Washing your hair every two weeks may seem like it works, but odds are your hair is parched! If you want your hair to be in the best possible condition and minimize breakage, then you should add moisture with hair oil once a week. This will ensure your hair and scalp are in prime condition.
5. Oil your hair and scalp regularly
Everyone loves pulling their hair up – especially after a long day. Yet, if you’re rocking a protected style, you can damage your hair by consistently wearing it in a ponytail or other updo. This is because it constantly pulls even harder at the baby hairs and on your hairline. Over time, it can also cause your style to loosen at the roots, which means it won’t last as long. Mix up your hairstyles and limit wearing your hair up to only one or two times per week.
6. Mix up your daily hairstyles
Wrapping your hair in a scarf at night is one of the easiest ways to care for a protective style. Select a silk scarf as it protects your hair from frizz, locks in moisture, and keeps your style in its best condition.
7. Wrap your hair at night
8. Don’t wear your protective style for longer than 2 weeks
It’s often tempting to put your hair into a protective style and then leave it. Unfortunately, this often causes dryness, tangling, and breakage. You should aim to switch up your protective style and allow your hair to breathe.
How to Prevent Breakage While Taking Down Your Protective Style
1. Gather the right tools
How you take out your style and what tools you need will ultimately depend on how it was done.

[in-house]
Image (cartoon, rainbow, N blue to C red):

Without hair added: If you have braids, twists, and locs without hair added, then you’ll want to grab two types of combs before getting started: a rat-tail comb and a comb with medium-sized teeth. The skinny tip on the rat tail comb can help you unravel the ends of the braid without excess tugging. Just don’t attempt to come through your hair with the fine teeth on the head of the tool. After you’ve gotten most of the braid out, you can use the medium-sized tooth comb to further unravel and comb through your hair.
- With hair added: Consider cutting the ends of your hand if you added hair to your braids or twists. This will help speed up the process of taking down your protective style. To be sure you don’t cut your own hair accidentally, cut at least two to three inches below where your hair stops. If you’re unsure of where your hair stops and the added hair begins, then skip this step. It’s better to be patient and just come out the ends until you get to the root!
If you don’t have a comb, don’t worry! It isn’t impossible to take down your hair. In fact, some hairstylists actually prefer taking down protective styles with their fingers. It’s ultimately up to you but between your fingers, a rat-tail comb, and a medium-sized comb, you’ll be able to get your protective style out gently.
2. Dampen and detangle the hair